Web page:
Crucial Noise: Stern Grove kickoff, Ty Segall tour, Emily Jane White album, and more

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Ty Segall rides again.
GUARDIAN PHOTO BY EMILY SAVAGE

Important bits and pieces, odds and ends of Bay Area music news. Or, what's in my inbox?

Return to the misty grove with Anita Baker

The Stern Grove Festival kicks off its 75th season in less than two weeks (Sunday, June 24) with a free Anita Baker, Family Stone, and Glide Ensemble concert at 2pm. How lucky, that we have both the free Hardly Strictly Bluegrass Fest and (unrelated, but akin in spirit) Stern Grove; that combination helps with sailing gracefully through the cruel, cruel summer and into the likewise gray fall.

The Stern Grove Festival has racked up more than six million visitors over these past seven decades, checking out a total of 750 live acts (including the favorable yearly appearances by the San Francisco Ballet, Opera, and Symphony).

Upcoming Stern Grove Fest concerts (always free, always outdoors and picnic-friendly, but bring a heavy jacket 'cause it gets mighty chilly out there):

July 1: Preservation Hall Jazz Band and the Stone Foxes
July 8: San Francisco Symphony
July 15: Nitin Sawhney and Meshell Ndegeocello
July 22: The E Family featuring Pete, Sheila E, Juan and Peter Michael Escovedo
July 29: San Francisco Ballet
Aug. 5: Ozomotli and SMOD
Aug. 12: Al Jarreau and the George Duke Trio, Mara Hruby
Aug. 19: San Francisco Opera
Aug. 26: OK Go and the Family Crest

All concerts begin at 2pm at Sigmund Stern Grove, 19th Avenue and Sloat Boulevard, SF.

Vociferous hometown heroes
Today local garage-punk golden boy Ty Segall announced a co-headlining tour with everyone's favorite SF psych-monsters, Thee Oh Sees.

The prolific Segall, known for an abundance of releases and relentless touring (in 2012 thus far he has already released Hair, a split with White Fence, and is about to drop Slaughterhouse with the Ty Segall Band, plus played the epic Bruise Cruise), also debuted today his "Drag City Limits" video:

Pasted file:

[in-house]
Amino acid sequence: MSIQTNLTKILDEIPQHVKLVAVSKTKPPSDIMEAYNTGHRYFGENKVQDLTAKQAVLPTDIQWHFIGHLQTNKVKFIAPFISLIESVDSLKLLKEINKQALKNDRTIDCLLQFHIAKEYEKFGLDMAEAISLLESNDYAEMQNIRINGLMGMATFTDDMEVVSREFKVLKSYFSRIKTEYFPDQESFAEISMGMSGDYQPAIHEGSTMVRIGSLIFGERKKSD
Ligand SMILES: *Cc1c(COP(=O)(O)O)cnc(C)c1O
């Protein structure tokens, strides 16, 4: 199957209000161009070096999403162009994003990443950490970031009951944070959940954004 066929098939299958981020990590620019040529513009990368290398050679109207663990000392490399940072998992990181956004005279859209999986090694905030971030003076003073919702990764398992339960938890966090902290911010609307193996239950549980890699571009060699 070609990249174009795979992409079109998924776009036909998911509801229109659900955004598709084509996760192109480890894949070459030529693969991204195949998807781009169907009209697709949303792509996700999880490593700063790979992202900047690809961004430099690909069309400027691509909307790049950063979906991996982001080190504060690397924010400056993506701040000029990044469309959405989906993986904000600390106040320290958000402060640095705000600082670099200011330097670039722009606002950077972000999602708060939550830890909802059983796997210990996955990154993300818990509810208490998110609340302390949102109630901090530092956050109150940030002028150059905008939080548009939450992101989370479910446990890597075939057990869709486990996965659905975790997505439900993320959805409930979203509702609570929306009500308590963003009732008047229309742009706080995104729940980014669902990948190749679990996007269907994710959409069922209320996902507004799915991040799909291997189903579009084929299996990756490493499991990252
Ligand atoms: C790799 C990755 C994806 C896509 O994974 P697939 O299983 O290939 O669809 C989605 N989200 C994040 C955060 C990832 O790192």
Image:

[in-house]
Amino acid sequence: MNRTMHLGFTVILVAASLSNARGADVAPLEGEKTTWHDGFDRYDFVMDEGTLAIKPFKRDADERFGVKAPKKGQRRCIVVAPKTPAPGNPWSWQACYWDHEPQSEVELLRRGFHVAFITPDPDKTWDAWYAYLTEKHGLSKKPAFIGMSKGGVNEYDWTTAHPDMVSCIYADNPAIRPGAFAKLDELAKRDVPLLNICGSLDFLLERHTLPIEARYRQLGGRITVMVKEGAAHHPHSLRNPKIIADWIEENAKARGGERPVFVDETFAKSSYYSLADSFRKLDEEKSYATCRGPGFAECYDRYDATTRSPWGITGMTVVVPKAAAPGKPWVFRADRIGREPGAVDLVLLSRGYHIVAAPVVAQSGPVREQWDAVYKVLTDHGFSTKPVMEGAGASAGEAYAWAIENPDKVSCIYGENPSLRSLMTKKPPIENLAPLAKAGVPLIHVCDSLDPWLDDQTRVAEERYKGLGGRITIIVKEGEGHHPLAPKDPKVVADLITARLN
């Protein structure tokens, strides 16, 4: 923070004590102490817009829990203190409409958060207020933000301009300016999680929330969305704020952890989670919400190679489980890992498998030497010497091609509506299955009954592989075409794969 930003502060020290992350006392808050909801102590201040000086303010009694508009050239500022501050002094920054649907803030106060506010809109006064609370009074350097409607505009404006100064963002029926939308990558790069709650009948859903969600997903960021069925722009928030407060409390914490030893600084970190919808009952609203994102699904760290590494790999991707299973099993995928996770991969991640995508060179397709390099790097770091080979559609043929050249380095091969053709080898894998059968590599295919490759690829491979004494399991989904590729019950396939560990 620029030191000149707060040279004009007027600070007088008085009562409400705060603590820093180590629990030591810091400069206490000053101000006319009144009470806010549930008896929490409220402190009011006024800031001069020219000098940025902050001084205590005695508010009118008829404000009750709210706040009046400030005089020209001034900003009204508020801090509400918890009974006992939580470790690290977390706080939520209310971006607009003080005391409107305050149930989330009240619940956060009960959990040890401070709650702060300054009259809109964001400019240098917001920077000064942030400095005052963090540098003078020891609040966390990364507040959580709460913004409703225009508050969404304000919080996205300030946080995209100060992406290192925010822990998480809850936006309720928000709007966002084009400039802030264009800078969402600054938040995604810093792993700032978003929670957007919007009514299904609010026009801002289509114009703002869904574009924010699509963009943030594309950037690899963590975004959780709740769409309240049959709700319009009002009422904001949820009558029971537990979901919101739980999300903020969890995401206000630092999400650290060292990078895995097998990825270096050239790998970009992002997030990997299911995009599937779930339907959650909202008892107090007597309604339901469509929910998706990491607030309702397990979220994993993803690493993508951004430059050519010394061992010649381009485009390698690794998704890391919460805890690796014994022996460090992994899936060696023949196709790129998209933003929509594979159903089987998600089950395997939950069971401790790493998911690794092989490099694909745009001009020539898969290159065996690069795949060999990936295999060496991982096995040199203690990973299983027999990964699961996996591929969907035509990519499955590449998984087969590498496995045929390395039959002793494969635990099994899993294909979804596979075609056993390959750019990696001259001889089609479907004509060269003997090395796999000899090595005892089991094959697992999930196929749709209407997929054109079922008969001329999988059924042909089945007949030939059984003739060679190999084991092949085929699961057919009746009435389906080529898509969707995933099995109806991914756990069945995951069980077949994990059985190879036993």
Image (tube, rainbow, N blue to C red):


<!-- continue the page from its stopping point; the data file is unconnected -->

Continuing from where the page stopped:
Only issue here – there don't seem to be any Bay Area shows on that list of co-headling dates yet. There's got to be one coming up though, right?

Ode to joy
Finger-picking Bay Area singer-songwriter-guitarist Emily Jane White's latest album Ode To Sentience is out today on Antenna Farm Records. As with her previous work, the haunting Victorian America, this dark-folk LP is inspired by the America of yore, literature, and stories referencing past eras of this weird country, along with all the gossamer visions of our own ghostly past, specifically, “Depression-era blues...Toni Morrison’s Beloved and Charlotte Perkins Gilman’s [1892 short feminist work] The Yellow Wallpaper.”

She celebrates the release with a show tonight at Brick and Mortar Music Hall, and another Sunday at Amoeba in Berkeley.

Tue/12, 9pm, $5-$8
Brick and Mortar Music Hall
1710 Mission, SF
(415) 800-8782
www.brickandmortarmusic.com

Sun/17, 4pm, free
Amoeba Music
2455 Telegraph, Berk.
(510) 549-1125
www.amoeba.com

Damn the man
Former KUSF music director, and current Save KUSF spokesperson Irwin Swirnoff sent out an informal update today regarding the state of the station sale, and the need to continue fighting for its rights.

In the email, Swirnoff explained the FCC media bureau's ruling last week:

“On one hand, they fined USFand CPRN $50,000 – yet in a private back door meeting a month ago with those parties they reached an agreement to approve the sale. Once again the public's airwaves were being silenced and sold off behind closed doors with no public input or transparency.”

Swirnoff added that those working to save KUSF are forging ahead with an appeal, despite these setbacks.

“This issue is bigger than KUSF –  this is a national crisis of universities selling off the public's airwaves to the highest bidders. The players who are buying these stations are doing so to create a media monopoly on the left side of the dial, and strictly using their place on the public's airwaves as a means to raise money for private institutions, often using classical music as a way to reach the wealthiest donors.”

In the conclusion of the letter, he included another compelling reason why the sale of KUSF is important to the rest of San Francisco, beyond fervent listeners.

“We are losing true diverse, local, cultural programming that really reflects the vibrancy of our city.  This is about the commodification of the non-commercial side of the dial.  As the public's access to true, non-commercial, and free media becomes less and less, it's so important to protect the last vestiges of true community media/culture.”

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